Kemmet, Jr. v. Commissioner of Social Security
OPINION AND ORDER The final decision of the Commissioner is AFFIRMED. The Clerk is directed to close this case. Signed by Magistrate Judge Gregory J. Kelly on 4/28/2021. (HMK)
UNITED STATES DISTRICT COURT
MIDDLE DISTRICT OF FLORIDA
DANIEL KEMMET, JR.,
Case No. 6:20-cv-489-GJK
COMMISSIONER OF SOCIAL
MEMORANDUM OF DECISION
Daniel Kemmet, Jr. (the “Claimant”), appeals a final decision of the
Commissioner of Social Security (the “Commissioner”), denying his claim for
Social Security Disability Benefits. Doc. Nos. 1, 18. Claimant alleges an amended
disability onset date of June 24, 2015.
Claimant argues that the
Administrative Law Judge (the “ALJ”) erred in: 1) assigning limited weight to a
treating physician’s opinions; and 2) assessing Claimant’s subjective complaints of
pain. Doc. No. 18 at 13, 22. Upon consideration of the parties’ arguments and the
record, the final decision of the Commissioner is AFFIRMED.
STANDARD OF REVIEW.
The Commissioner’s findings of fact are conclusive if supported by
substantial evidence. 42 U.S.C. § 405(g) (2010). Substantial evidence is more than a
scintilla–i.e., the evidence must do more than merely create a suspicion of the
existence of a fact and must include such relevant evidence as a reasonable person
would accept as adequate to support the conclusion. Foote v. Chater, 67 F.3d 1553,
1560 (11th Cir. 1995) (citing Walden v. Schweiker, 672 F.2d 835, 838 (11th Cir. 1982);
Richardson v. Perales, 402 U.S. 389, 401 (1971)). Where the Commissioner’s decision
is supported by substantial evidence, the District Court will affirm, even if the
reviewer would have reached a contrary result as finder of fact, and even if the
reviewer finds that the evidence preponderates against the Commissioner’s
decision. Edwards v. Sullivan, 937 F.2d 580, 584 n.3 (11th Cir. 1991); Barnes v.
Sullivan, 932 F.2d 1356, 1358 (11th Cir. 1991). The Court must view the evidence as
a whole, considering evidence that is favorable as well as unfavorable to the
decision. Foote, 67 F.3d at 1560. The District Court “‘may not decide the facts anew,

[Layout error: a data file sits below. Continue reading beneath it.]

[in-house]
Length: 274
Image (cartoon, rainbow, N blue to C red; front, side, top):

reweigh the evidence, or substitute [its] judgment for that of the [Commissioner].’”
Phillips v. Barnhart, 357 F.3d 1232, 1240 n.8 (11th Cir. 2004) (quoting Bloodsworth v.
Heckler, 703 F.2d 1233, 1239 (11th Cir. 1983)).
The ALJ found that Claimant had the following severe impairments: mild
respiratory ventilatory defect; chronic obstructive pulmonary disease (“COPD”);
asthma; obesity; degenerative disc disease of the lumbar spine with spondylosis
and disc herniation; obstructive sleep apnea; a deviated nasal septum;
hypertrophy of nasal turbinates; primary hyperparathyroidism with associated
kidney injury, leukocytosis, and hypertension; non-ST elevated myocardial
infarction; and hypertension. R. 18.
The ALJ found that despite these
impairments Claimant could perform less than the full range of sedentary work
with the following restrictions: lift or carry ten pounds occasionally; lift or carry
less than ten pounds frequently; stand and/or walk two hours in an eight hour
day; sit for six hours in an eight hour day; occasionally climb ramps or stairs but
never climb ladders, ropes, or scaffolds; occasionally balance, stoop, kneel, crouch
or crawl; avoid concentrated exposure to extreme heat or cold and all exposure to
fumes, odors, dust, gases, or poor ventilation; avoid exposure to hazards such as
machinery or heights. R. 20.
Dr. Harris’s Functional Capacity Opinions
In making her decision, the ALJ considered two opinions of Dr. Maury
Harris, one of Claimant’s treating physicians, and gave them limited weight due
to their restrictive nature. R. 29. Claimant argues that the ALJ’s stated reasons
for giving Dr. Harris’s opinions limited weight are not supported by substantial
evidence. Doc. No. 18 at 13.